The economics of violence

By Graham Duxbury

| 26 March 2019

It's a measure of the chaos surrounding our political system that the announcement of a contract to establish a £200m youth endowment fund to tackle serious violence crept into consciousness over the weekend. In normal times something as current and significant as this would have seen senior ministers rushing to photo opportunities in youth clubs all over the country. Maybe they were worried about finding any left to visit. 

Unsurprisingly, a march by millions of people in central London and the prospect of a prime ministerial resignation, cabinet coup or the spontaneous combustion of our entire democracy conspired to keep the announcement off the front pages. As the endowment fund is brought to life by the winning consortium of Impetus, Social Investment Business and the Early Intervention Foundation, we need to guard that it's not just the announcement that gets scuppered by Brexit.

Irrespective of what numbers were emblazoned on the sides of buses during the referendum campaign, one figure that isn't in dispute is that the UK will no longer have access to the 2.4bn euros per year it currently receives in EU structural funding, the majority of which goes to promote jobs, skills and economic development in disadvantaged areas.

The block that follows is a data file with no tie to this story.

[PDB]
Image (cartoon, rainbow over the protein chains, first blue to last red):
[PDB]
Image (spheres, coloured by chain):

Young people have been major beneficiaries of this funding, with many currently supported by the Youth Employment Initiative or by lottery co-financed Building Better Opportunities programmes. Darren, aged 19, is a beneficiary of support provided by the Progress programme in Coventry & Warwickshire. Darren had developed a pattern of negative thinking and resorted to self-harming. Coaching sessions helped him develop relaxation techniques so that he could work through situations step by step instead of feeling overwhelmed. This in turn led to work experience placements and a job interview.

When (if?) we leave the EU, the government has promised to replace these lost structural funds with a "shared prosperity fund", but a consultation on the form and focus of this fund is much delayed. If we're serious about tackling the scourge of crime and serious violence involving young people, we need to recognise that investing in more resilient local economies is as important as supporting innovative youth work. As many practitioners will attest, violence and gang membership are often the result of frustration at a lack of opportunity, which results in an alternative, and more dangerous search for status and ‘success'. Good diversionary activities can break into this cycle but will ultimately fail if there is nothing more positive and rewarding in the local area for at-risk young people to be diverted into.

How we stimulate enterprise, provide rewarding work, pay decent wages and support those on the margins to get a foothold on the economic ladder matters hugely to the conversation about youth crime and violence. Whatever version of Brexit we end up with, we need to invest in both the economic and community infrastructure of places considered ‘left behind' if we want this welcome investment to have a lasting impact.

Graham Duxbury, national chief executive of Groundwork

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